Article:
Best Way to Teach a Child to Read
If you’re wondering about the best way to teach a child to read, consider some of the tips listed in this article. Reading is one of the most essential skills that a child can have, and it’s highly important to develop these skills as early as possible.
The younger a child is, the more likely it is that education will stick, and that they’ll grow reading skills as rapidly as possible. This is why parents, teachers, and peers are so vital to any child’s development when it comes to reading.
A child will benefit from a mix of styles and techniques, including some of the practices mentioned here.
Work on all of these items with your child and determine which one works best for him or her, as all children are unique and learn at varying paces utilizing different methods.
The 4 Reading Components
Phonics is a method that helps children to draw a correlation between letters or groups of letters and the sounds that they make. It utilizes the alphabet, and starts with the smallest sounds (single letters) and gradually introduces additional letters to create more complex sounds.
The simple sounds that create words are known as phonemes, and they are the building blocks of any language.
As children learn to draw the connection between letters and letter groups, they will become more adept at sounding out words while they are learning.
The process of looking at a word and separating it into different phonemes is known as decoding, and it is a major step in a child’s reading journey.
The English language is made up of 40 different phonemes – or basic sounds that make up words – and there are a variety of methods to teach children how to understand them.
The more common phonemes are generally introduced early in the process, as they are easier to identify and will be used more often, allowing the child more time to practice.
Pairing phonemes that rhyme is often an effective method in speeding up the process at which your child may learn.
Phonics is widely used by parents and teachers alike, as it is a great way of breaking words down to the basics, helping a child to learn at his or her own pace.
The initial sessions may take some time before an understanding is reached, but eventually the child will catch on and start identifying certain sounds, rendering him or her more able to put together and sound out words.
It has proven to be an effective method which is why it is the most popular among educators.
2. Whole-word Learning
The whole-world method focuses on learning entire words instead of sounding them out based on their phonemes.
The child will see the word and will be given some sort of context, often in the form of a visual cue, which will help him or her associate the structure of the text with the word and its meaning.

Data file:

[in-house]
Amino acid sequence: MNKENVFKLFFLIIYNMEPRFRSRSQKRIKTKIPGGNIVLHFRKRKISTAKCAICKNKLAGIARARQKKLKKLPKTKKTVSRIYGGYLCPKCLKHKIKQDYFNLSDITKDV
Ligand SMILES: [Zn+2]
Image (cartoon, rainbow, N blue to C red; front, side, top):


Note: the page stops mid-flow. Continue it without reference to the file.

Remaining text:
Flash cards can be helpful with this method, as they provide the repetition needed for the child to understand the meaning of the word and the way that it sounds. As certain words start to become more natural for the child, they can be put together into sentences of varying length.
This isn’t simply a memorization exercise for children. In general, they will begin to pick up on patterns in the words, becoming able to single out certain letters and letter groups and apply them to new words, sounding them out as the pattern recognition becomes more fluent.
As this technique is often based on identifying the word immediately upon sight, it is often referred to as sight-reading.
It is a very useful method for teaching the most commonly used words in the language, as it allows the children to breeze through them and only have to sound out the words that they haven’t seen before.
3. Language Experience Approach
The Language Experience Approach is a more personalized method of teaching literacy, drawing from the child’s own experiences and words with which they are already familiar.
The idea is for the educator to be in tune with the child’s current oral vocabulary, and to formulate a lesson based on the words and sounds that they already know.
This can prove to be difficult in a large classroom due to time constraints, but it is a fantastic method to try in smaller classroom and home settings, where one-on-one time is more plentiful.
Try to determine which objects and ideas make a child excited – for instance a food that they love or an animal that interests them.
If they already know the names of these items, you can develop a story based on them, keeping the child intrigued as they learn to put together the text that forms these words.
Drawing pictures can help with word associations, and will stimulate the child’s imagination, opening them up to a whole new potential set of new words and sounds.
Draw a familiar item for the child and label it with the corresponding word. Using these pictures as flash cards can provide even further benefit for the child’s development.
The idea here is to entice the child with familiar content and to slowly include new words. As they associate the new words with those that they already know, they will start to make the right connections as they move forward.
Since this draws from personal experience, the child may be more receptive to longer, more in-depth sessions as time goes on.
4. Combined Method
You don’t have to use just one method to help your child read. Experiment with all of these and see which one works the most quickly for him or her.
Each one provides valuable insight and teaches different skills that can be applied not only to reading, but many other situations in life that require problem solving.
The most important thing here is to read as often as possible and keep your child interested in learning. With the right combination and amount of practice, your child will be happy to become an excellent reader.